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ST. LOUIS CARDINALS
April 10, 1961
Elderly Stan Musial's bat helps the Cardinal attack, but his aging legs weaken outfield defense—which typifies the Cards' problem of nonfielding hitters
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April 10, 1961

St. Louis Cardinals

Elderly Stan Musial's bat helps the Cardinal attack, but his aging legs weaken outfield defense—which typifies the Cards' problem of nonfielding hitters

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1960 TEAM PERFORMANCE

FINISHED

WON

LOST

GAMES BEHIND

3

86

68

9

1960 INDIVIDUAL PERFORMANCES

BATTING

PITCHING

Boyer

.304

Broglio

21-9

Nieman

.287

Jackson

18-13

White

.283

McDaniel

12-4

HOME RUNS

RUNS BATTED IN

Boyer

32

Boyer

97

Musial

17

White

79

Spencer

16

Musial

63

White

16

ANALYSIS OF THE CARDINALS

STRONG POINTS
There are several: sound power-hitting infield, deep pitching staff headed by two of league's best in Ernie Broglio (21-9), Larry Jackson (18-13). Relief Pitcher Lindy McDaniel appeared in 65 games last year, won 12, lost four and saved 27 for best relief record in majors. Recovery of Bob Miller adds potential 15-game winner; veteran Curt Simmons and Ray Sadecki (9-9 in first year) provide left-handed starters. Ken Boyer is one of the two best third basemen in baseball ( Eddie Mathews is the other). His considerable power is supplemented by Daryl Spencer at short and Bill White at first. Second Baseman Julian Javier hit .237 last year, but steals bases, scores runs, provides strong defense. Red Schoendienst, home and happy, is fine utility man.

WEAK SPOTS
Outfield, left-handed relief pitching. Only in right field do the Cardinals have a player ( Joe Cunningham) who combines good batting with fair fielding. In left, Stan Musial and Bob Nieman hit well, field poorly. In center, Curt Flood has speed, arm and glove, but hit .237 last year. Walt Moryn adds fair power to outfield, but is only adequate on defense.

THE BIG IFS
Stan Musial is 40, although he did not look or act it in spring training. Last year, for two months, he was the Stan Musial of old, and his hitting carried the team. He is being counted on to hit as well again; much depends on how many games he can play well. Daryl Spencer is a useful batter, but is not a good fielder. " Spencer is a second-division defensive player," one scout says. "He'll make the routine play, not the big one." Larry Jackson broke jaw in training. His loss, for at least two weeks, will slow team's start. Ernie Broglio's 21-game season was a distinct, and welcome, surprise last year. Cards assume he'll be a big winner again. He had better be.

ROOKIES AND NEW FACES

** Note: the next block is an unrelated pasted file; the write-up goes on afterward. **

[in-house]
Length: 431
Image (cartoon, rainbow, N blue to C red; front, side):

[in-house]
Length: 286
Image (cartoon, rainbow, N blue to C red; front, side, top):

Don Landrum, up from Buffalo, may solve center-field problem; he hit well in International League, is fleet, sure fly catcher. Al Cicotte, who has bounced around baseball since 1948, is back for his fifth try at the majors. He earned this shot after leading the International League in ERA (1.79), shutouts (8), strikeouts (158) and victories (16). "I finally learned to pitch," Al says, "and my fast ball came back."

OUTLOOK
Manager Solly Hemus parlayed luck and extraordinary performances from several players to lift the Cardinals to a third-place finish last year; he will need a good deal more of both to finish that high again.

26 RUNS FOR A CHAMPIONSHIP

Solly Hemus, the manager of the Cardinals, is a man much given to introspection and second guessing. "We could have won the National League championship last year," he says. "All we needed was 26 more runs batted in by our outfielders." Solly is an honest man and he believes this. "We got lots of power from left field," he went on. "But Nieman carried us there for a couple of months, and when he pulled a muscle, I put Stan Musial in. Stan hit 17 homers, and he drove in lots of runs. But we didn't get enough from center and right. All together, we only got 196 runs batted in last year from the outfield. I figure with this club, I got to have at least 220 runs batted in. We'd need even more than that if we didn't have solid power hitters like Boyer, White and Spencer in the infield. What we may have to do this year is carry seven outfielders on the roster—three for defense and four for offense."

Ken Boyer is a superb third baseman. He hits .300 and fields magnificently. But on one play this spring, he looked like a busher. The batter hit the ball on a low, screaming line between Ken and the base line, a very difficult fielding chance, not the sort of chance an established star is going to break his back to get in a meaningless spring training game. Boyer reached with his glove, turned his head away and hoped. Harry Walker, in the third-base coaching box, put his head back and laughed. He mimicked a bullfighter passing a bull in the paso de pecho, both hands to his right, his head turned away from the horns. "Ol�," said Harry.

"I've got to make it big this year," said 31-year-old Al Cicotte, who is up from Toronto trying for the fifth time to stick with a major league baseball club. "I'm an insurance salesman in the off season. I sold $800,000 worth of insurance in three months last year. But if I could be a big major league player for a while, I could sell a whole lot more. I need the name."

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